With the crack of Anthony Rizzo’s bat, there was no doubting what would happen next. No doubt the ball would land in the bleachers in right-center field to put the Chicago Cubs ahead. No doubt the Mets would strand base runners with the game still in reach. And no doubt that the crowd would sing “Go, Cubs, Go,” the team’s anthem.
The song is played only when the Cubs win, and after three straight losses here, the Mets can probably recite it by heart.
The Cubs, who took a one-run lead with Rizzo’s shot in the seventh, added two more runs in the eighth as they cruised to a 7-4 win Thursday and completed the sweep. Over the course of the series, the Mets stranded 31 runners and batted 4 for 30 with runners in scoring position.
The Mets arrived in Chicago feeling optimistic, having beaten Philadelphia four times in a five-game series. Now they were leaving humbled, heading next to play the vaunted San Francisco Giants.
Collins shook his head. The pressure was supposed to be on the pitcher in those situations, he said. He acknowledged he did not know exactly what was wrong.
On Thursday, Collins made a few moves trying desperately to ignite his offense. He stacked his lineup with right-handed batters against the Cubs’ left-handed starter, Travis Wood. He slotted the struggling Chris Young in the leadoff spot and started three role players: Eric Campbell, Wilmer Flores and Andrew Brown.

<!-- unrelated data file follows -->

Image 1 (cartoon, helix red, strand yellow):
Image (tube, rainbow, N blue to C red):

Young, over his last 21 games, had sunk to a new low, batting .121 with 12 strikeouts and, over the weekend, making a costly error. Collins hoped batting him leadoff, a spot where he had had success, would help him relax.
As for the three role players, Collins is hoping they can make themselves reliable bench players who can produce when called on. He mentioned Scott Hairston as an example. Brown, in particular, seemed primed for the role. After being sent down earlier this season, he had belted 13 home runs in 36 games with Class AAA Las Vegas.